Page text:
Setting the stage for increased growth among minority startups and investors
Despite business and startup creation being at an all-time low, African-American entrepreneurs and minority startups are on the upward. The world is now witnessing a stronger push from iconic figures in the African-American community to keep this trend growing.
Just announced this week, legendary rap artist and business mogul, Shawn “Jay-Z” Carter, is now expanding his outreach to the startup community. His entertainment company, Roc Nation, has recently announced the launch of ARRIVE which will assist early stage startups in branding and business development, along with oversight and resources for funding. ARRIVE was born through the partnership between Roc Nation and two well-known venture organizations: Primary Venture Partners and GlassBridge Asset Management. Ben Sun, co-founder of Primary, commented on the recent collaboration saying, “What Roc Nation has built so far is a true testament to their vision, capabilities, and willingness to dig in and take their companies to the next level. We are thrilled to partner with the amazing team at ARRIVE and to leverage these unique resources to build the next generation of powerful brands.”
Jay-Z and his team have continually invested in early stage organizations that hold promise. He was one of the first to invest in UBER’s Series B funding back in 2011, and the ride-sharing provider has now grown to a value of over $60 billion. They also took a liking towards the luxury sock company, Stance, by investing in their Series A funding nearly six years ago and since then, the startup has seen favorable returns. Most importantly, the infamous “R-O-C” hopes to coordinate more of an effort to support social causes and community-driven startups.
From the basketball arenas to the innovative scene of Silicon Valley, the 2015 Golden State Warriors MVP, Andre Iguodala, has been building a bridge between his fellow players and tech executives. In October of 2016, he organized a formal mixer at San Francisco’s City Hall to brainstorm and potentially join forces with business leaders and some of the Valley’s most influential venture capitalists. One of Golden State’s most recognized point guards, Stephen Curry, commented at the event saying, “We just got off a crazy road trip; we have a game tomorrow. But we understand the value of being in front of a lot of powerful people.” Indeed, one cannot overlook the advantages of being placed in such an opportunistic environment and Iguodala is capitalizing on similar initiatives adopted by superstar athletes of the past. For instance, former San Francisco 49er Quarterback, Steve Young, is a Silicon Valley VC and Kobe Bryant recently invested $100 million into a venture fund focused on media technology. However, no one has invested as much time and energy into strategizing for entrepreneurial empowerment like Iguodala.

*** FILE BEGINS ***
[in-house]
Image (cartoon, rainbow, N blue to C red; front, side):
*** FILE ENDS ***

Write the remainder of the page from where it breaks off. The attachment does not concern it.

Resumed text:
Within his mere four years as a Golden State Warrior, Iguodala has earned the title as one of the most resourceful and business-oriented athletes in the sports industry. He was one of the few early investors in Facebook, Tesla, and even Netflix while building a strong network of elite VCs, leading execs and Silicon Valley entrepreneurs. He was a featured panelist at the TechCrunch Disrupt Competition and a featured guest at a LinkedIn Speakers event. Moreover, his extensive range of investments has created an impressive portfolio of athletic and consumer products. Iguodala aims to be an immaculate player in Silicon Valley investing while setting an example for African-American athletes and members of the African-American community.
With popular names such as Jay-Z and Andre Iguodala branching their efforts into the startup world, minority entrepreneurs could expect greater access to resources and funding. Their business endeavors will hopefully inspire and empower African-Americans to envision a more productive future by walking the path of entrepreneurship.
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